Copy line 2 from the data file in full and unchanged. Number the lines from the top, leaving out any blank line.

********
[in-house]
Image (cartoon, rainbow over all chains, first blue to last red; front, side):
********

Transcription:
Image (cartoon, rainbow over all chains, first blue to last red; front, side):